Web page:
It's hard to believe that it's so long (November 2001) since I moved out of my old flat ... maybe that's largely due to the fact that it was so long before I could sell it ... after the epic leaking roof saga finally came to an end. Despite the minor problems that I had while living there (a freezing cold bedroom, a water feature in my living room, my drug-dealer neighbour, the partial demolition of my flat ... oh, and the man who fell off my balcony), in some perverse way I actually enjoyed living there. Maybe it was partially a pressure release for a divorce, or possibly the development of a whole new social life, or even discovering that I quite liked living on my own (well, if you don't count the bird, that is). I miss the kitchen (it was hard work, but a thing of wonder), the big living room with the huge window (ok, so the ceiling did collapse, but the new one was very nice) and the balcony with the flowers. I even miss walking past the authentic Egyptian garden belonging to one of the maisonettes on the ground floor ... well, almost.

Warning; danger, Will Robinson

When I were a lad ... no, seriously, when I was a kid I loved watching Lost in Space on TV. It was in black & white, of course, but that was just as well since I didn't even know anyone with a colour TV at the time ... I'm not even sure that there was such a thing outside of the US then. Anyway, the series was repeated on Channel 4 a few years ago, when my kids were younger, and I probably watched most episodes. Lucy, who was only around four, quickly developed a liking for the series ... in fact she was mad about it. She would do robot voices (sorry Lucy) and I even had to build her a concrete robot (pretty much life size) in the garden ... unfortunately, it's still there, albeit a little overgrown in moss and lichen.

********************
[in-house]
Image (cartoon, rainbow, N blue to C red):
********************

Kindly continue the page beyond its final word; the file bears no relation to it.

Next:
And I suppose I couldn't mention the robot from Lost in Space without this

The man with two brains

My head hurt a lot. I thought at first that I had neuralgia. After a couple of days I was worried that I had a brain tumour. Only a combination of dihydrocodeine, ibuprofen and paracetamol made the pain bearable. And then the lump appeared. A big bloody lump at that. Although there were jokes about growing an additional head/brain/'mini-me', it turned out only to be an infection caused by a tooth abcess. ONLY!!! Unfortunately, my fears of dentistry and tooth removal (memories of gas at the age of six) were very strong.  The tooth removal itself wasn't anywhere near as bad as I'd anticipated, though, although I'd not exactly describe it as an enjoyable experience. Now that I've had a tooth extracted as an adult, the novelty's worn off anyway, so I don't think I'll do it again. There does, however, appear to be a solution to the problem of my new gap. I should, perhaps, also mention a second dental-related disaster, which happened within a couple of weeks of having the aforementioned tooth removed. A tooth broke. Not just any only tooth, but the exact matching twin of the one I'd had so distressingly extracted. Apparently, the concrete-like repair will last at least six months, but may endure up to a couple of years before more 'work' is needed.

 

The other Gary Moore